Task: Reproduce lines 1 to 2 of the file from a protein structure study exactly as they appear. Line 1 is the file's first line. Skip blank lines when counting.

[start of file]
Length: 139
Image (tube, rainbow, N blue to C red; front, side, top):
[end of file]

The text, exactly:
Length: 139
Image (tube, rainbow, N blue to C red; front, side, top):